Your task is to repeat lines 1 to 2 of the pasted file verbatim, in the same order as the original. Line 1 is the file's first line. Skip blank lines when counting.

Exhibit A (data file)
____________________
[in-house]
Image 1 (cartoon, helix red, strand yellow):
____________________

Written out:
[in-house]
Image 1 (cartoon, helix red, strand yellow):